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 ICDRI WIPO Statement in Support of the Proposed Treaty- Delivered at SCCR19 on 15 December 2009
by Cynthia D. Waddell


Mr. Chairman and distinguished delegations, the International Center for Disability Resources on the Internet, also known as ICDRI, appreciates the opportunity to participate in these discussions – particularly on the proposed treaty regarding limitations and exceptions – or might I also call it the proposed treaty on the sharing of accessible works.

As a way of background, ICDRI was privileged to serve as the UN AD Hoc committee expert on accessible information and communications technology (ICT) during the elaboration of the United Nations Convention on the Rights of Persons with Disabilities and under the leadership of His Excellency, Ambassador Luis Gallegos of Ecuador. Today, we are assisting many countries around the world in the implementation of the UNCRPD and appreciate being able to be here today to support the community of persons with print disabilities.

ICDRI is a non-profit organization- founded and operated by persons with disabilities. As an internationally recognized law, technology and public policy center, ICDRI seeks to increase opportunities for all persons with disabilities by identifying barriers to participation in society and promoting best practices and universal design for the global community.

Mr. Chairman, ICDRI is very concerned about the Kindle controversy and litigation underway in the US where the electronic book text-to-speech feature has been turned off. This action prevents persons with print disabilities from using innovative mainstream technology as contemplated and supported by the UNCRPD. We believe there is a lack of understanding regarding the application and use of screen reading software with a synthetic voice – an assistive technology tool that has been in use for over two decades for people with visual, mobility and cognitive disabilities.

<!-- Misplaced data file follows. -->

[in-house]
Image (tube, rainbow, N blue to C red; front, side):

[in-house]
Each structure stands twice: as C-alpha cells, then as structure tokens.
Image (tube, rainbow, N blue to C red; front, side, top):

Moreover, ICDRI notes that for three decades a book famine has been increasing for persons with print disabilities. In fact, it is not clear that any meaningful marketplace or volunteer solution is forthcoming.

Our experience is that when the marketplace is left to determine consumer needs, then persons with disabilities are left out because of their minority status. This fundamental truth was the cornerstone of ICT disability rights legislation passed by Congress known as the 1998 Amendments to the Rehabilitation Act, and also known as the Workforce Investment Act or Section 508.

Today, the recent Kindle controversy has now spilled into the international arena and demonstrates the unwillingness of rights holders to recognize the needs and human rights of my community.

Mr. Chairman, ICDRI today echoes the call of the UNCRPD – a historical treaty signed by the highest number of signatories for any treaty on opening day – At this time in history, when technology has evolved to solve issues of accessibility through accessible design and affordability, it is now time for the law to evolve. Let’s recognize the moral obligation of nations to guarantee the basic right to read. Let’s end the book famine now.

Thank you.


If you have questions or comments please e-mail them to  icdri@icdri.org

Submitted by Cynthia D. Waddell, Juris Doctor
Executive Director and Law, Policy and Technology Subject Matter Expert
International Center for Disability Resources on the Internet


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